Behind the immense success of Perez Art Museum’s third annual Art of the Party is a man for whom wine and food are more than a passion, it’s also a lifestyle. Lee Brian Schrager orchestrated the 2016 dinner in honor of Chuck Close, blurring the borders between art and cuisine. Featuring dishes by celebrity chef Alex Guarnaschelli, hors d’oeuvres, buffet style selection, and a sit-down dinner menu kept partygoers coming back for seconds. Pesto and ricotta Gemelli pasta, ceviche bites with paprika, and a vast selection of seafood reflected the elegance of the occasion. Yet wholesome, light, simplistic dishes like Gemelli also played an important role on the dining table. Like the visual presentations at PAMM, the various tastes of the night had layers and dimensions, from minimalist to avant-garde.
Most know Schrager creative genius as the creator of the Wine and Food Festival in Miami—which has now grown to include New York and is expanding to Fort Lauderdale. From Feb 24-28, the event attracts over 60,000 locals and tourists alike to try new and impressive culinary experiences.
Yet Schrager has his finger in almost every pie on the culinary scene. He is vice president of Corporate Communications & National Events for Southern Wine & Spirits of America, the Chief Lifestyle Advisor for Gilt City, serves as a regular contributor to Ocean Drive magazine, is the consulting director of THE TASTE in Los Angeles, and is a current board member for the Food Bank For New York City.
If that wasn’t enough, Schrager also explores and transforms his experiences with food as an author. His published books include Fried & True, and Food Network South Beach Wine & Food Festival Cookbook. L’Etage spoke with the brains (and heart!) behind the food festival about his inspiration and drive to combine art and cuisine.
How are you enjoying PAMM Art of the Party?
Lee Brian Schrager: So far so good! Beautiful night, beautiful food, the most beautiful backdrop for any party you could have—The Perez Art Museum Miami.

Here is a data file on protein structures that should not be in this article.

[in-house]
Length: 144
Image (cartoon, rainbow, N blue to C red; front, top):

The Wine and Food Festival was also an immense success. Could you tell us a bit about how art and cuisine overlap?
LSB: I’ve always found, by taking to Alex Guarneschelli, that people who create food and recipes are artists. I think that many people and chefs appreciate both.
You mention that you seek to find and recognize the best food/chefs/wine/entertainment in your field of work. Can you speak a bit more about why that is so important to the WFF?
LBS: We’re always looking to keep it fresh and exciting so we seek out new talent. Not only are we looking at Michelin, white tablecloth chefs, but also at pop culture. That’s also important so we can appeal to all different ranges. We’re one of the few festivals that can have Rachel Ray on one stage and Jose Andres at another. We can have Bobby Flay and Alen Ducas. The beauty of what we do is bringing it all together.
Which wine and food trends do you think deserve more recognition? Which do you think are overrated?
LSB: I thought bacon was overrated, and sea urchins…so I’m kind of happy to see them go. As for underrated, I think spices deserve more attention. Also, where your food is coming from, who is growing it, like what farm is raising your oysters. Recently there’s more recognition and credit given to the farmer and I’m really glad about that.